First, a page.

If kids in the St. Louis area hope to go home with a full bag of candy on Halloween, they must be willing to tickle some funny bones. Saying "tricks-for-treats" followed by a joke replaces the classic trick-or-treat mantra in this Midwestern city. There’s no criteria for the quality or the subject of the joke, but spooky material (What’s a skeleton’s favorite instrument? The trombone!) earns brownie points.


Sugar skulls with decoration.

While Dia de los Muertos, or Day of the Dead, is completely separate from Halloween, the two holidays share a few things in common. Mexicans celebrate the day by dressing up, eating sweet treats, and in some parts of the country, going house-to-house. Children knocking on doors will say "me da para mi calaverita" or "give me money for my little skull," a reference to the decorated sugar skulls sold in markets at this time of year.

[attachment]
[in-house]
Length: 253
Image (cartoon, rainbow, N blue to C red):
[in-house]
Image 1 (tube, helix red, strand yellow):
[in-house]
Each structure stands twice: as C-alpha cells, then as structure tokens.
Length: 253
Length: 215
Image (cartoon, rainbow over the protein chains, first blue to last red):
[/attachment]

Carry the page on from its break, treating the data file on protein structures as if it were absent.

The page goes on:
Kids dressed up for Halloween.

Trick-or-treaters like to keep things simple in the Canadian province of Quebec. In place of the alliterative exclamation, they shout “Halloween!” at each home they visit. Adults local to the area might remember saying "la charité s’il-vous-plaît "(French for “charity, please”) when going door-to-door on Halloween, but this saying has largely fallen out of fashion.


Little girl trick-or-treating.